World Cup Countdown: The Players to Watch

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These final days before the World Cup starts can be the most exciting time to be a soccer fan. Our World Cup blogger is using this period of anticipation to highlight the big stories worth watching at this year's tournament. Yesterday, he discussed the most promising teams. Today, he talks about the most exciting players:

This tournament could put Argentina's Lionel Messi in the "best ever" conversation. He's already the consensus "best player in the world," especially after a dazzling second half of the season with Barcelona, his club team. (Only Inter Milan's Portuguese wizard-coach Jose Mourinho was able to figure out how to contain him.) The first thing you notice about Lionel Messi (named after, I've read, Lionel Richie—and it's best to leave it at that) is his size. He's tiny, listed, generously, at 5-7, 147. In this post-steroids age, how refreshing is it to see the most famous athlete in world so modest in stature? (Though it must be noted that he had to take growth hormones as an 11-year-old to help get him where he is now.) He's such the anti-hunk, Vanity Fair didn't even include him in their recent beefcake cover package with some of the world's other best players, like Didier Drogba and Portugal's Cristiano Ronaldo.

Messi has it all: He's completely at ease with the ball at his feet. He's quick. He has vision, balance, and ideas. And he knows how to score goals with his foot, head (despite his height), and even his chest. But to be in the "best ever" orbit, the spectacular has to be achieved in the World Cup. Whether his coach, Diego Maradona, can best utilize him, well, the world waits.

Perhaps most importantly, Messi comes into the tournament healthy. (It's nice to be 22). Some of the other stand-out players—if they haven't already been ruled out—will be struggling to get into game shape after long injuries. One is Spanish striker Fernando Torres, who missed the last month of the English Premiership season with a knee injury. If he isn't back to his 100 percent self, his partner up front, David Villa, is every bit his equal. No other team in the tournament has such a devastating offensive pairing. Spain's visionary (and Messi's teammate on Barcelona) is Xavi Hernandez, the orchestrator (and advocate) of the current Spanish sensibility. He's cerebral, skillful, in perpetual, effortless motion, an enabler. And like Messi, he's a welterweight at 5-7, about 150 (as his wonderful co-director Andres Iniesta, also of Barcelona, though he, too, is fighting to get back to full fitness).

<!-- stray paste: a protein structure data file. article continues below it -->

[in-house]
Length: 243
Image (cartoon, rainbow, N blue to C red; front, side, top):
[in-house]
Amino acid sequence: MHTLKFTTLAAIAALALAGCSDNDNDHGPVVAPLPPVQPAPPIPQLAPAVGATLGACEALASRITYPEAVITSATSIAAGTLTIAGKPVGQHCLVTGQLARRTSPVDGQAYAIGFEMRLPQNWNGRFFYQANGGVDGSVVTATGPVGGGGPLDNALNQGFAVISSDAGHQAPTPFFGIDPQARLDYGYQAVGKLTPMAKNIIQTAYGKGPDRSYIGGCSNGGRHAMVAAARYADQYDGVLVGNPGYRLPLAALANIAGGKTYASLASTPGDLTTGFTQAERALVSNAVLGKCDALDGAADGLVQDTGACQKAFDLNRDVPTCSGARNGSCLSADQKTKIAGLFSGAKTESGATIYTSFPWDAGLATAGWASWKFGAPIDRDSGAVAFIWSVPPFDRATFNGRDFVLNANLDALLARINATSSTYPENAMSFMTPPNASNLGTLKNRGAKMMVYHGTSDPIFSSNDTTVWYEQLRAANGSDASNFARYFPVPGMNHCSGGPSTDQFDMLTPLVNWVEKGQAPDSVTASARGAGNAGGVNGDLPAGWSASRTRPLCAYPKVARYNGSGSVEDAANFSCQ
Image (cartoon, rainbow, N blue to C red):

Also coming back from an injury is Wayne Rooney, pale-skinned and thick with baby fat. (He, too, was left out of the Vanity Fair package.) He's the least remarkable great player you'll see, but he could put England over the top for the first time since the days of Swinging London with his remarkable goal-scoring instincts. He'll need to watch his temper.

Holland have to deal with in-fighting for good reason: They have so many dynamic players in the attack some will be relegated to the bench. It's the same this year, though it appears that the delightful skill-set of Arjen Robben is the latest to be lost to injury. And how stupid. In a pre-tournament friendly, leading poor Hungary 6-1, Robben, with two goals already, had to do attempt a back-heel pass and strain a hamstring. But there's still Robin van Persie, Wesley Sneijder, and Eljero (named after, again I'm not kidding, Al Jarreau) Elia. (The Dutch have the added allure of having names that make them sound like Renaissance painters—or Al Jarreau: Giovanni van Bronckhorst; Rafael van der Vaart; Klaas-Jan Huntelaar).

Presented by

Michael J. Agovino is author of The Bookmaker: A Memoir of Money, Luck, and Family From the Utopian Outskirts of New York City (HarperCollins, 2008). He will be blogging for TheAtlantic.com during the World Cup.

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